Skip to content

New UNSW report: Problem opioid behaviours are related to pre-existing risks, not dose

UNSW Sydney

A new study from UNSW Sydney has analysed findings from a five-year cohort of 1514 people who have been prescribed opioids for chronic non-cancer pain, finding that risk for problematic opioid outcomes is related to a combination of patient characteristics and pre-existing factors, rather than opioid dose alone.

Well, duh.

From the report :

““Long-term opioid use for people living with chronic non-cancer pain is common. This has traditionally been associated with concerns of increased rates of adverse harms related to opioid use, particularly dependence and overdose,” said Dr Campbell.

The report comes in response to concerns that patients with chronic non-cancer pain have been exposed to abrupt and forced tapering and cessation of opioids simply for being on a high dose – which can lead to added harms, including increased mortality – and concern that a higher dose is associated with problematic opioid behaviours. “

In short, because some GPs have misinterpreted the new opioid prescribing regulations, which came into effect on June 1st, some doctors have force-tapered patients off their opioids PURELY because they were taking higher doses. This report shows that dose is not the issue, the risk factors for problematic opioid use are previous drug abuse and mental health issues. It goes on to say that opioids are safe and appropriate in well-screened and well-monitored patients.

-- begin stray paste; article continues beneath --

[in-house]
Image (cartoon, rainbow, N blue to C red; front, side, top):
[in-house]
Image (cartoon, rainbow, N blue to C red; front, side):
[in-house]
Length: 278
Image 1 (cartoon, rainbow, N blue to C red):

Importantly the report states:

It is possible that this emphasis on dose comes from the ability to easily measure and respond to dose thresholds, compared with the relative complexity and time considerations of assessing other clinical factors that substantially contribute to opioid-related risk,” said Dr Campbell.

Essentially, doctors are time-poor, and it’s easy to cut people off based on an arbitrary number – the daily dose. Taking a proper history and assessing the patient for previous abuse and mental health issues takes much longer and involves much more effort.

Bottom line? Overworked GPs and pain specialists don’t want to do that work. To the great detriment of people living with high-impact chronic pain, who rely on opioids for quality of life.

Read the report and let me know what you think.

Author: PsychosomaticAddict

Chronic Pain Patient Advocate. Pain Coach. Patient. Living with High Impact Chronic Pain and advocating for proper pain treatment, including opioids where appropriate. Busting the myths. Exposing the actual science.

Leave a Reply

Your email address will not be published. Required fields are marked *